May 16, 2021

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Mortgage News

Fannie Mae, Freddie Mac’s automated underwriting changes irk lenders

Not only is the Community Home Lenders Association concerned about the tightening of the underwriting criteria in the automated underwriting systems of the government sponsored agencies, but also the lack of transparency regarding these changes.

A letter to Hugh Frater, CEO of Fannie Mae and Mark Grier, acting CEO of Freddie Mac, stated that members have made the same loan through their respective AUS for the past few months. After the first pass, the loan received an “acceptance”, but the second time, even if the borrower’s creditworthiness and financial standing and loan terms remain exactly the same, the loan is now rated with caution.

“We see no evidence that the tightening of credit boxes is currently warranted by the underlying credit risk, particularly given GSE’s persistent profitability record,” the unsigned letter said.

This letter to government sponsored business leaders follows one sent in March to Treasury Secretary Janet Yellen and Mark Calabria, Director of the Federal Housing Finance Agency.

The final letter asks whether the AUS change was due to changes in risk appetite of the GSE implemented in the EU January revisions to the preferential share purchase agreements, in particular a limit of 3% for refinancing acquisitions or a limit of 6% for acquisitions of single-family homes in a period of 52 weeks for which two or more of the following conditions apply: over 90% loan to value ratio; a total leverage ratio of over 45%; or a credit score below 680.

Both Fannie Mae and Freddie Mac make adjustments to the AUS based on factors such as changes in risk tolerance at a given point in time.

A March update for Fannie Maes Desktop Underwriter has adjusted how the DTI is taken into account. Instead of the actual number, the program will now take into account the composition of that debt, including revolving debt and student loan debt. The revision regards those with a higher amount of revolving debt as less risky. Borrowers with student loan debt are considered to be less risky than borrowers with only revolving debt.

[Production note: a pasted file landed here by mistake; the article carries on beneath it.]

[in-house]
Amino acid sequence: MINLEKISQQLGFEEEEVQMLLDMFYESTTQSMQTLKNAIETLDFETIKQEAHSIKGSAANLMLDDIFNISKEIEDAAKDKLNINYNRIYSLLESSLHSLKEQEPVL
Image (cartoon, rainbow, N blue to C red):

A second change eliminated the possibility of identifying the borrower as self-employed as a risk factor and replaced this with a variable income. A borrower with a higher percentage of variable income such as bonus, overtime, commissions, and similar items will be treated as riskier by DU.

CHLA members who received loan records that were captured by the DU changes include Draper & Kramer Mortgage, based in Mountain Lakes, NJ

The company kept a borrower record on the old version of DU and received an approved legitimate finding from the system, said Tim Shultz, senior vice president of national sales administration at Draper & Kramer.

This borrower had a credit score of 714, an hourly wage position, no variable income with 21% mortgage DTI and 38% total DTI rates, and three months reserves. The borrower has been approved for the Home Ready program.

But when the loan was about to close, Draper & Kramer retransmitted the file through DU. This happens as usual as there may be income differences or other variables. Even if there aren’t any changes, most lenders do a fresh run to make sure everything still matches the final underwrite, Shultz said.

The main change in this particular case was a reduction in the total DTI to 33% as part of the revolving debt was paid off and the borrower was able to save enough to add another month to their reserves. But as the file went through the updated DU, it came back with caution, Shultz said.

Fortunately, the company was able to rerun the loan and deliver it using the original results.

It wasn’t the only time this change has occurred, and it has also happened with loans made through Freddie Mac’s Loan Product Advisor, Shultz said.

As a result, the CHLA is asking GSEs to be more transparent about their changes. “We are the ones that make loans. Fannie and Freddie, they are the ones that certify it,” Shultz said. “Let’s work together here so that we all know our intent and purpose.”

Representatives from Fannie Mae and Freddie Mac did not provide any comments as of the reporting date.